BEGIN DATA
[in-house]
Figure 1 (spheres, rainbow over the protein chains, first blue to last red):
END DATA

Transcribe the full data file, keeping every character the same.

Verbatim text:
[in-house]
Figure 1 (spheres, rainbow over the protein chains, first blue to last red):